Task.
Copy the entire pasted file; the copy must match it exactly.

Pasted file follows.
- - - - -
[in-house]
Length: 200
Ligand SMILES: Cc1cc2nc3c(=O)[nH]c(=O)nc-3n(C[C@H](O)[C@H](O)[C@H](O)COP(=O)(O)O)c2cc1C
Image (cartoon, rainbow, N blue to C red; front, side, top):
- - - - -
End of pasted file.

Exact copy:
[in-house]
Length: 200
Ligand SMILES: Cc1cc2nc3c(=O)[nH]c(=O)nc-3n(C[C@H](O)[C@H](O)[C@H](O)COP(=O)(O)O)c2cc1C
Image (cartoon, rainbow, N blue to C red; front, side, top):